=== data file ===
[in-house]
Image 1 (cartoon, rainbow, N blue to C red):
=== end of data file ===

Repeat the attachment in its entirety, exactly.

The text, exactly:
[in-house]
Image 1 (cartoon, rainbow, N blue to C red):